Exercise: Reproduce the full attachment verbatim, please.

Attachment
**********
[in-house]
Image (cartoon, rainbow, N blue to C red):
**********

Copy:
[in-house]
Image (cartoon, rainbow, N blue to C red):